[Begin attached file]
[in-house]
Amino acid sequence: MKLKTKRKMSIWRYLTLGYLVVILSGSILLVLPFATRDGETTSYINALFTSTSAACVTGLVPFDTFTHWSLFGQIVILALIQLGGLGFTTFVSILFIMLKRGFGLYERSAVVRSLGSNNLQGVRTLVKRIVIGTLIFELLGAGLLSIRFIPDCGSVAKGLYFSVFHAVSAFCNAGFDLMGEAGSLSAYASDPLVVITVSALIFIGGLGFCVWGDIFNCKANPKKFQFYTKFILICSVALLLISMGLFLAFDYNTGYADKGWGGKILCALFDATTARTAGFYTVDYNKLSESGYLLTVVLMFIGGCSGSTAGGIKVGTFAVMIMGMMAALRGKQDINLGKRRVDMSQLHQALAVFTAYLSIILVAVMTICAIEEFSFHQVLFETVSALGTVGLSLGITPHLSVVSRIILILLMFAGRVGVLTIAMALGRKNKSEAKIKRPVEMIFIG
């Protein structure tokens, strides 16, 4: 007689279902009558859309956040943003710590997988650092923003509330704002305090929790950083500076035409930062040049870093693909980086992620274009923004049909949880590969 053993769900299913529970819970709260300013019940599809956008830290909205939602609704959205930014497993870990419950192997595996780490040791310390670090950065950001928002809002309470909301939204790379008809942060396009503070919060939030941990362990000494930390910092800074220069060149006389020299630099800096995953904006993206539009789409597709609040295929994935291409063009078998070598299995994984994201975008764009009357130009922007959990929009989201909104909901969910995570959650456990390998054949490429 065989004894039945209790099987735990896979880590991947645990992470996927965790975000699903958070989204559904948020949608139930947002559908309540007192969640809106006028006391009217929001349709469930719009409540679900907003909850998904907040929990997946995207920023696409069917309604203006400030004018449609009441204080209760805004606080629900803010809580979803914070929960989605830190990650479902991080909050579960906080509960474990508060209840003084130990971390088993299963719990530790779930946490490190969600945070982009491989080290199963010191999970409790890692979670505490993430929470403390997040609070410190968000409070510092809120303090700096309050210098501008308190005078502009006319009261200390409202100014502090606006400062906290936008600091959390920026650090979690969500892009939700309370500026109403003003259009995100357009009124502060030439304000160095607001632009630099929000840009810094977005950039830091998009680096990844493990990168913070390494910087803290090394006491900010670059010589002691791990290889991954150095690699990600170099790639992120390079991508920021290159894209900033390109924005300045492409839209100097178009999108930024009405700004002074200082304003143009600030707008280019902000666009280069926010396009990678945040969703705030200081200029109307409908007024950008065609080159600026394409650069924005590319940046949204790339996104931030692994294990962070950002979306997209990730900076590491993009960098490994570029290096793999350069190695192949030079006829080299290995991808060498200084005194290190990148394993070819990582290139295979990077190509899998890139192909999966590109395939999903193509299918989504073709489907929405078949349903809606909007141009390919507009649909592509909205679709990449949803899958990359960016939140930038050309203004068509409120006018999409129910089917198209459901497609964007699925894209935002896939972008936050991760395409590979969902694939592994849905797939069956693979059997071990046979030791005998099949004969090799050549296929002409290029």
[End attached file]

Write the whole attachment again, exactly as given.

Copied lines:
[in-house]
Amino acid sequence: MKLKTKRKMSIWRYLTLGYLVVILSGSILLVLPFATRDGETTSYINALFTSTSAACVTGLVPFDTFTHWSLFGQIVILALIQLGGLGFTTFVSILFIMLKRGFGLYERSAVVRSLGSNNLQGVRTLVKRIVIGTLIFELLGAGLLSIRFIPDCGSVAKGLYFSVFHAVSAFCNAGFDLMGEAGSLSAYASDPLVVITVSALIFIGGLGFCVWGDIFNCKANPKKFQFYTKFILICSVALLLISMGLFLAFDYNTGYADKGWGGKILCALFDATTARTAGFYTVDYNKLSESGYLLTVVLMFIGGCSGSTAGGIKVGTFAVMIMGMMAALRGKQDINLGKRRVDMSQLHQALAVFTAYLSIILVAVMTICAIEEFSFHQVLFETVSALGTVGLSLGITPHLSVVSRIILILLMFAGRVGVLTIAMALGRKNKSEAKIKRPVEMIFIG
């Protein structure tokens, strides 16, 4: 007689279902009558859309956040943003710590997988650092923003509330704002305090929790950083500076035409930062040049870093693909980086992620274009923004049909949880590969 053993769900299913529970819970709260300013019940599809956008830290909205939602609704959205930014497993870990419950192997595996780490040791310390670090950065950001928002809002309470909301939204790379008809942060396009503070919060939030941990362990000494930390910092800074220069060149006389020299630099800096995953904006993206539009789409597709609040295929994935291409063009078998070598299995994984994201975008764009009357130009922007959990929009989201909104909901969910995570959650456990390998054949490429 065989004894039945209790099987735990896979880590991947645990992470996927965790975000699903958070989204559904948020949608139930947002559908309540007192969640809106006028006391009217929001349709469930719009409540679900907003909850998904907040929990997946995207920023696409069917309604203006400030004018449609009441204080209760805004606080629900803010809580979803914070929960989605830190990650479902991080909050579960906080509960474990508060209840003084130990971390088993299963719990530790779930946490490190969600945070982009491989080290199963010191999970409790890692979670505490993430929470403390997040609070410190968000409070510092809120303090700096309050210098501008308190005078502009006319009261200390409202100014502090606006400062906290936008600091959390920026650090979690969500892009939700309370500026109403003003259009995100357009009124502060030439304000160095607001632009630099929000840009810094977005950039830091998009680096990844493990990168913070390494910087803290090394006491900010670059010589002691791990290889991954150095690699990600170099790639992120390079991508920021290159894209900033390109924005300045492409839209100097178009999108930024009405700004002074200082304003143009600030707008280019902000666009280069926010396009990678945040969703705030200081200029109307409908007024950008065609080159600026394409650069924005590319940046949204790339996104931030692994294990962070950002979306997209990730900076590491993009960098490994570029290096793999350069190695192949030079006829080299290995991808060498200084005194290190990148394993070819990582290139295979990077190509899998890139192909999966590109395939999903193509299918989504073709489907929405078949349903809606909007141009390919507009649909592509909205679709990449949803899958990359960016939140930038050309203004068509409120006018999409129910089917198209459901497609964007699925894209935002896939972008936050991760395409590979969902694939592994849905797939069956693979059997071990046979030791005998099949004969090799050549296929002409290029």